Israel-based social casino game developer Playtika closes up 17.1% on its first day of...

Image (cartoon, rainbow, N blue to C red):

Driving Game Growth & Into the Metaverse Register today to connect with the games industry, join private networking sessions, and hear the latest on driving game growth and the metaverse. January 26-28, 2021 Register for free Playtika went public today in an initial public offering at $27 a share, giving the mobile game publisher a valuation of $11.4 billion. The latest IPO in the game industry will test how much fervor investors have for gaming stocks, as games have prospered during the pandemic as people look for ways to engage in social-distanced fun and distract themselves from reality. In the offering, Playtika’s owner and the company sold stock valued at $1.88 billion, with Playtika offer 18.5 million shares and its owner, Shi Yuzhu (owner of Giant), selling 50.9 million shares. About $499 million of the amount goes to the company. The IPO is the largest in Israeli history, and the value puts it above American mobile game publisher Zynga, which is worth $10.7 billion. Playtika’s trading opened at $35 a share and it is currently at $33.51 a share. (Update: Playtika’s stock price closed at $31.62 a share, giving the company an enterprise valuation of $14.5 billion). When it came to public markets, 2020 was an extraordinary year, with 18 video game initial public offerings (IPOs) raising $2.8 billion, according to an analysis by InvestGame, which studies market transactions in the game industry. The big ones were Unity Software, Skillz, and Kakao Games. Other companies have lined up to do IPOs, but the market window is unpredictable. Since gaming is a very small part of the overall stock market, it is vulnerable to swings of the larger market. In an interview with VentureBeat, Playtika president and chief financial officer Craig Abrahams said the team had to ring the opening bell virtually. But gaming has been on a roll. Market insight and analytics firm App Annie estimates mobile gaming will grow 20% in 2021 to $120 billion. The company’s social casino games, including Slotomania and other titles, have generated $2.3 billion in revenues in the past 12 months, but the Israeli company also has $2.3 billion in debt. Sources I’ve interviewed say they aren’t worried about that, as Playtika’s cash flow is more than enough to pay down such debt. Of more concern may be the fact that Playtika has a Chinese owner at a time when U.S.-China relations are sour, and that could spill over into a trade war. Abrahams said the company looks at debt relative to cash flow. The current leverage is 2.4, where debt is 2.4 times the amount of cash flow. “The amount of debt is relatively nominal,” he said. He noted that the company has $400 million or so on its balance sheet, plus the $499 million it raised today, plus $550 million in a line of credit. That gives the money a lot of cash to pursue acquisitions, and Abrahams expects to refinance at better interest rates in the coming months. Herzliya, Israel-based Playtika will trade under the symbol PLTK. Its value is much higher than in 2016, when a consortium led by China’s Giant Investment Group (through the subsidiary Alpha Frontier) bought Playtika for $4.4 billion. Playtika has more than 35 million monthly active users. “I have been studying gaming consumers and gaming companies for 25 years and I have followed Playtika for many years, being close to the Israeli gaming business,” said Mike Vorhaus, CEO of Vorhaus Advisors, in an email. “These guys are great game makers and even better marketers/user acquisition kings – they really know how to get the customer to play their game and spend money in the (free to play) games.” Above: Playtika’s top games Image Credit: Playtika Under the terms of the IPO, Giant owner Shi Yuzhu will still have a controlling stake in Playtika, as his Alpha Frontier is only selling a certain stake to the public. Playtika’s debt, which matures in 2024, came from big dividends paid to stockholders in 2018 and 2019. Playtika has driven its revenue, which is more than 75% generated in North America, through acquisitions in recent years. Part of the plan is to grow the rest of the world’s revenues in the wake of the IPO. Abrahams said the company will try to do better customer relationship management (CRM) outside of the U.S. and localize its efforts to help build a broader base in the rest of the world. The company has acquired seven game studios, and seven of its top nine games are owned by the acquired studios. Those top nine games generate 97.6% of revenue. All told, the company has 20 games, and Playtika said it has more titles in the top 100 games than anyone else. The central service of the combined company is the Playtika Boost Platform, which provides live operations services and tech to newly acquired studios that can help boost profits and revenues. InvestGame said that from 2017 to 2019, Playtika paid $645 million for its acquisitions. It paid up to $351 million for the Finland-based puzzle game maker Seriously in 2019. It paid up to $200 million for Austria-based solitaire game maker Supertreat in 2019, and $204 million for Germany’s puzzle game maker Wooga in 2018. During that time, Playtika used its own operating cash to finance deals, and it did not have to raise external money. Wooga’s games saw a 116% increase in quarterly revenue and Supertreat saw a 146.3% increase in quarterly revenue under Playtika ownership. Abrahams noted that Wooga’s June’s Journey was the No. 2 hidden-object game in the world when acquired. Now it’s the No. 1, thanks in part to the Playtika Boost Platform. In other details, about 80% of the company’s revenue belongs to the mobile platform vs. 20% coming from the web. In-app purchases account for 95% of overall revenue. Above: Playtika has 35 million daily active users. Image Credit: Playtika Playtika relies heavily on in-app purchases, which account for over 95% of total revenue. Overall, the company has 11.4 million daily active users, or those that come back once a day. Slotomania makes the most money, and it has 1.5 million daily active users. The company has 3,700 employees, 40% of them working on games. It was founded in 2010 by Robert Antokol and Uri Shahak. The founders sold it to Caesars Interactive Entertainment in 2011, and then a group led by Giant’s owner acquired it in 2016. Playtika recently had a rebranding, which we wrote about in September, focused on the phrase “infinite ways to play.” Playtika wants to create infinite ways to play its games, which span casual, hardcore, and social casino genres, CMO Nir Korczak said in an interview with GamesBeat at the time. Public offerings for game companies generated $9.2 billion in value in the first nine months of 2020, according to game investment tracking firm InvestGame. For the 12 months ended September 30, Playtika generated $2.29 billion in revenues, $46.1 million in net income, and $815.2 million in adjusted earnings before interest, taxes, depreciation, and amortization (EBITDA). Risk factors As for the debt, Playtika described the amount as significant and said “we are a highly leveraged company.” Playtika mentioned this as one of its risk factors. That debt could hurt the company’s capability to raise more capital or fund its operations. The company still has a $350 million line of credit, and it plans to raise that to $550 million. For the past nine months, the company made $93.7 million in principal payments and $139.2 million in interest payments. The interest payments are now higher than they used to be. It also noted that platform owners such as Apple and Google can decide at any time whether to remove Playtika from its platform. It cited the example of Epic Games, which got in a dispute with Apple and was banned from iOS. The risk of this remains small, but it is interesting that it has become a legal risk factor that is worth mentioning. The fact that the company has a parent company, and it is controlled by Yuzhu (via his Playtika Holding UK II division), also means that his “ownership of our common stock will prevent you and other stockholders from influencing significant decisions.” His interests may not be the same as those of common stock owners, and Yuzhu will have voting control of the company. “As long as Yuzhu Shi continues to control shares representing a majority of our voting power, he will generally be able to determine the outcome of all corporate actions requiring stockholder approval, including the election and removal of directors,” Playtika said in the filing. “In the ordinary course of his business activities, Yuzhu Shi may engage in activities where his interests may not be the same as, or may conflict with, the interests of our other stockholders.” Abrahams said that the management team has worked for multiple owners and it has done so successfully, and so that bodes well for the alignment between the management team, the owner, and the shareholders. Above: Playtika’s core services Image Credit: Playtika In another risk factor, Playtika noted that in December 2017, Apple updated its terms of service to require publishers of applications that include “loot boxes” to disclose the odds of receiving each type of item within each loot box to customers prior to purchase. Google similarly updated its terms of service in May 2019. Loot boxes are a commonly used monetization technique in free-to-play mobile games in which a player can acquire a virtual loot box, but the player does not know which virtual item they will receive until they open the loot box. If platform owners or regulators mandate more changes to the use of loot boxes, Playtika will have to change its games and redesign the economies of its affected games, the company said. That could cause a revenue decline. In the U.S., the Federal Trade Commission, or FTC, held a public workshop on loot boxes in August 2019. At least one bill has been introduced in the U.S. Senate that would regulate loot boxes in games marketed toward players under the age of 18. The United Kingdom’s Department for Digital, Culture, Media and Sport announced in June 2020 it will launch a call for evidence into the impact of loot boxes on in-game spending and gambling-like behavior. Additional litigation is happening in Belgium and the Netherlands. Efforts are underway in various places to declare loot boxes as illegal gambling. Abrahams noted that the company doesn’t target children and it is focused on adults, and that mitigates that risk. Playtika also said that Apple’s decision to retire the Identifier for Advertising (IDFA) may hinder its ability to target users with advertising, resulting in lower monetization of players. “IDFA is something a lot of people in the industry are talking about,” Abrahams said. “A large percentage of our revenue comes from older cohorts of users. We are less reliant on customer acquisition. We also don’t launch many new games in a given year. So we don’t have a constant need to spend significant dollars on new user acquisition versus re-engaging the existing base. We think we have mitigated this. I agree it’s a risk factor.” And under the Donald Trump presidency in the U.S., Chinese companies have been under scrutiny; if the same policies continue under the Joe Biden administration, foreign ownership of U.S. companies may be restricted. That could hurt Playtika’s ability to continue its acquisition spree. Positive notes Abrahams said the company has five major studios working on new titles. He isn’t predicting when new games will come out. The company has been hiring people, but it generally keeps its veterans teams on the games they create, and then it acquires new teams to launch brand new games. “We realized M&A was a better way for us to acquire great product teams,” Abrahams said. Abrahams said the company is investing more in branding and hiring. The IPO will position the company as a global player and it should help it attract more people, he said. Also on a positive note, Playtika said it has increased average daily payer conversion in its games from 2.1% for the nine months ended September 30, 2019, to 2.5% for the nine months ended September 30, 2020, an increase of 19%. That is, it is making more money per paying user. Abrahams credited the Playtika Boost Platform and the team’s focus in converting non-payers to payers as a healthy way to increase monetization, as opposed to getting current payers to pay more. The company plans to use the IPO money for working capital, operating expenses, capital expenditures, and the potential repayment of borrowings. Abrahams said the company starting thinking about the IPO more than a year ago. “No one expected in January of last year to have the year that we had in the ups and downs of dealing with COVID,” Abrahams said. “We think for the long term and being a public company furthers the foundation to continue that growth.” Updated: 2:17 p.m. Pacific tie on 1/5/21 with closing price and valuation. Register for GamesBeat's upcoming event: Driving Game Growth & Into the Metaverse